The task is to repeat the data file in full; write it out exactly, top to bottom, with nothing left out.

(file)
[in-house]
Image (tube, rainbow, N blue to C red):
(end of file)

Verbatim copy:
[in-house]
Image (tube, rainbow, N blue to C red):